It was 12 full months of oral chemo.  Essentially I got 7 days of chemo and then 21 days off for a full year.  Chemo was exhausting, by day 2 or 3 of my 7 days of treatment I was TIRED.  I would wake up and get the boys to school and then sometimes sleep for 5 hours and get up in time to pick the boys up.  I was so thankful that I had such a great support system and an amazing husband that allowed me to rest while my body tried to get through it all.  During that year of chemo there was lots of MRI's, lots of bloodwork, lots of doctor appointments but  the year passed pretty quickly.  Although I was tired, it wasn't horrible.  I stayed pretty positive through out.

 chemo, chemo, chemo
Emotional blog about my last month of chemo
Chemo.... done!

My real struggles started AFTER I was done with treatment.  No one really warned me how hard it was to just try and be normal again.  During treatment you feel like a fighter, you are putting your body through hell but you know you are actively fighting this disease.  Once I was done, I still knew I had the large brain tumor.  Chemo did shrink it a little bit but it was still there.  It felt like now we were just kind of throwing our hands up and just waiting for it to grow again. That is not the case, we kicked that tumor's ass for 13-1/2 months and it's not like I could be on chemo for life, that would be terrible.  It just seemed eerily quiet.  I thought it would be nice to get back to "normal" life but I was not the same person.  After some gentle hints from Jamie I finally when in and talked with a therapist that reassured me everything I was feeling was totally normal.  She said some people really struggle mentally through diagnosis and treatment and some people are really positive and strong through diagnosis and treatment but then feel lost afterwards.  I obviously fit the second category.  So the year or two after treatment was a struggle.  Trying find myself again.  Trying to get back into a regular routine.  My life had revolved around chemo, doctor's appointments and exhaustion for so long.  Now I was just supposed to slide back into society.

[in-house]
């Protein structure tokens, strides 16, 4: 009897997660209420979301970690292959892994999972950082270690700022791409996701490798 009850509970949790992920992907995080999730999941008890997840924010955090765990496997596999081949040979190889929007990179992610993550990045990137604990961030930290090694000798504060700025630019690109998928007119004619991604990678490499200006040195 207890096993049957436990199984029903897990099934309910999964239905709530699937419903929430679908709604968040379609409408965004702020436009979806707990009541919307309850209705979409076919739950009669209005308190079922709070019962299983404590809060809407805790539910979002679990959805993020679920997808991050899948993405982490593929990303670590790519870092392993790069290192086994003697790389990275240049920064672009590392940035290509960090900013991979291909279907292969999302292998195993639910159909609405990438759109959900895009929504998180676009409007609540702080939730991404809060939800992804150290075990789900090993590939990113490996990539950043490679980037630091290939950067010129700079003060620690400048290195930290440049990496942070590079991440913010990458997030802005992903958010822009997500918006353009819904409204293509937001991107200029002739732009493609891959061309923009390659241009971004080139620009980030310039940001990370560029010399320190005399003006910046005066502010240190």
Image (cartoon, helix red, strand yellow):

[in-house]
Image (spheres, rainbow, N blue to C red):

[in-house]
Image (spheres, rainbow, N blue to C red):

The last few years have been a journey.  I think I am finally coming to terms with the fact that I am NOT the same person as before but that is okay.  I was so hard on myself at first.  You always hear people say things like "this will make you appreciate every moment".  That is true but it also puts more pressure on you.  I am sure all mom's would agree you go to bed many nights wishing you had spent more time with your kids, not lost your temper, had more patience.  Now imagine feeling like that knowing you have cancer and having the added pressure of "what is wrong with you, you stared death in the face, YOU of all people should appreciate every moment".  Well after so long you just have to say f*ck it.  I went through some crappy stuff, yes I love and appreciate my life more than I did before but doesn't mean my world is now filled with rainbows and unicorn dust and that I have to be happy 100% of the time. I can still get annoyed when the boys are fighting all day, I can still say no to one more book at bedtime because I am exhausted and just need to veg on the couch for a minute, I can still say no to a get together because I just don't feel up to it.  I don't have to seize the day every single day, why did I feel so much pressure about that?   Why do I feel that I need to be an ever bigger and better person because I have cancer.  Sometimes I just want to be a regular, tired and disorganized.  I do want to live life to the fullest and enjoy every minute I just don't want the extra pressure of it because of a diagnosis.  I just want to be me.